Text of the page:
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Apple (right) / Taylor Gray (left)
The landmarks are instantly recognizable, but some of the exact locations where the Apple macOS wallpaper photos were taken weren't so obvious.
The photos are incredibly accurate, and the photographer even lets you download high resolution versions of the photos to use as your own wallpaper.
A group of friends from California set out to take photos that exactly replicate Apple's iconic California-based macOS wallpapers, and they nailed almost every wallpaper, except maybe the dunes of the Mojave desert and the waves at Mavericks.
The group consisted of YouTuber Andrew Levitt, landscape photographer Taylor Gray, and videographer Jacob Phillips and their journey took them to the Mojave Desert, Yosemite, El Capitan, and the Sierra mountains.
The friends documented the experience in a YouTube video. "I can't tell you how many hours I've spent working at my computer, seeing these pictures and daydreaming about experiencing these places for myself," Levitt said in the video. "Conveniently, they're all within a day's drive away from me, which sparked an idea for an epic road trip."
Gray made the photos from the trip available to freely download, which you can find here.
Check out and judge for yourself whether the group did justice to Apple's California-based macOS wallpapers:
Here's Apple's official default wallpaper for macOS Yosemite.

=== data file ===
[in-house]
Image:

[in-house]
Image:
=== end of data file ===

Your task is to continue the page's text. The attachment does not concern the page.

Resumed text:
And here's the Yosemite photo taken by Levitt and his friends. It's almost identical, save for some clouds and probably Apple's own photoshopping.
This is Apple's default macOS El Capitan wallpaper.
The group seem to have nailed the location and shot, except for the weather.
Here's Apple's default wallpaper for macOS Sierra.
And here's Levitt and company's version. It looks like the original was taken in a different season, however.
This is Apple's default wallpaper for macOS High Sierra.
Which the group captured almost exactly, except for the time of year.
Here's the macOS Mojave default wallpaper.
Apple's macOS Mojave wallpaper proved harder for the group to capture exactly, seeing as dunes constantly shift.
And finally, there's the default wallpaper from OS X Mavericks.
But it didn't quite go to plan for the guys...
Checkout out Levitt's video below that shows you how the group captured each shot.